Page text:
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Hello, I am Nitin Jadhav,
Front-end Developer Architect

Improve your JavaScript with functional programming

If you want to write your JavaScript code in a better way, one of the most effective techniques is functional programming (FP). It’s no difficult than the language itself — don’t let anyone else tell you otherwise. This series will have multiple posts.

Use Pure functions

A pure function is one which

  1. Does not access anything else other than provided arguments.
  2. Does not modify anything outside of a function. It may return the calculated value based on arguments. This means that they will always return the same output when provided with the same input.

Example of pure function

function calculateArea = (radius) => 3.14 * radious * radius;

Use map() instead of for/forEach for array conversions

(you are probably already doing this)

Process and covert an array into a new array using for/forEach

const nums = [1,2,3,4,5,6];
const doubles = [];
for(let i = 0; i < nums.length; i++){  
  doubles.push(nums[i] * 2);
  }// nums.forEach(item => doubles.push(item * 2)); // foreach versionconsole.log(doubles)

Instead, you should be using map() function (which is built-in in JavaScipt)

const nums = [1,2,3,4,5,6];
const doubles = nums.map(item => item * 2);
console.log(doubles)

Why use the map() instead of the above methods?

  • The code is almost human-readable (“map this array to that with function x”), easy to understand
  • It’s minimalistic, uses fewer keystrokes, hence fewer potential bugs
  • Its faster than other versions

Use reduce() instead of for loop for additive calculations

If you want to calculate something which depends on every value of array, use reduce() function. e.g. you need to add up every element of an array.

for/forEach method:

const array1 = [1, 2, 3, 4];
let sum = 0;
for(let i=0; i< array1.length; i++){  
  sum+=array1[i];
}// array1.forEach(item => sum+= item); //forEach version
// 1 + 2 + 3 + 4console.log(sum);
const array1 = [1, 2, 3, 4];
const sum = array1.reduce((sum, current) => sum+current, 0);
// 1 + 2 + 3 + 4console.log(sum);

Why use the reduce() instead of the above methods?

  • less boilerplate than for loop
  • A common construct, much cleaner to read
  • can be chained with other array functions like map: array1.map(i => i*2).reduce((sum, current) => sum+current)

use filter() method for array filter operations:

Filtering array with for loop for even numbers:

const array1 = [1, 2, 3, 4];
const evenArray1 = [];
for(let i = 0; i<array1.length; i++){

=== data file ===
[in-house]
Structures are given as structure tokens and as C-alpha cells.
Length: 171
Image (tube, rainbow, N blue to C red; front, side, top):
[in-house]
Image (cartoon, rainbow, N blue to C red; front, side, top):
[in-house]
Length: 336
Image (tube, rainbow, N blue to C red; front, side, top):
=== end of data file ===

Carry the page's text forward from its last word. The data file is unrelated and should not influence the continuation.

if(array1[i] % 2 === 0){    
    evenArray1.push(array1[i]); 
  }
}
//copy only even elements console.log(evenArray1);

User filter() method instead:

const array1 = [1, 2, 3, 4];
const evenArray1 = array1.filter(item => item % 2 === 0);
console.log(evenArray1);

Use every() and some() instead of manual search with for loops

Checking if all items in an array satisfy certain criteria (even)

const array1 = [2,4,8];
let isAllEven = true;
for(let i = 0; i<array1.length; i++){  
  if(array1[i] % 2 !== 0){
        isAllEven = false;
        break;
  }
}
console.log(isAllEven);

Use every() for the same:

const array1 = [2,4,8, 3];
let isAllEven = array1.every(item => item % 2 === 0);
console.log(isAllEven);

Checking if at least one item in an array satisfy certain criteria (even)

const array1 = [1, 3];
let isAtleastOneEven = false;
for(let i = 0; i<array1.length; i++){
  if(array1[i] % 2 === 0){
    isAtleastOneEven = true;
    break;
  }
}
console.log(isAtleastOneEven);

Use some() for the same:

const array1 = [1, 2, 3];
let isAtleastOneEven =  array1.some(item => item % 2 ===0);
console.log(isAtleastOneEven);

Use Partial functions to create new functions from existing functions using bind()

You can derive new functions from existing functions. E.g. you have a power function that calculates the power of number.

const power = (p, num) => num ** p;

you can create a new function square() and cube() that uses an existing function

const square = power.bind(null, 2);
const cube = power.bind(null, 3);
console.log(square(5))  // 25
console.log(cube(5))  // 125

In the next article, we will discuss some of the advanced functional programming concepts. Thanks!